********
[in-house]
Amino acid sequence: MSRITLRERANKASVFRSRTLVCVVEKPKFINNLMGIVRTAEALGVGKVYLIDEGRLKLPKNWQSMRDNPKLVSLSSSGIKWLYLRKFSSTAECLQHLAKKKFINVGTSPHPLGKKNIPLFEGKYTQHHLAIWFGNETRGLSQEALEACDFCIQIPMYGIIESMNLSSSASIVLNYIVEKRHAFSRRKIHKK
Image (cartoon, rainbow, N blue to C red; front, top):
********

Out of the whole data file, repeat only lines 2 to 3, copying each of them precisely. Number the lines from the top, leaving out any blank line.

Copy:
Amino acid sequence: MSRITLRERANKASVFRSRTLVCVVEKPKFINNLMGIVRTAEALGVGKVYLIDEGRLKLPKNWQSMRDNPKLVSLSSSGIKWLYLRKFSSTAECLQHLAKKKFINVGTSPHPLGKKNIPLFEGKYTQHHLAIWFGNETRGLSQEALEACDFCIQIPMYGIIESMNLSSSASIVLNYIVEKRHAFSRRKIHKK
Image (cartoon, rainbow, N blue to C red; front, top):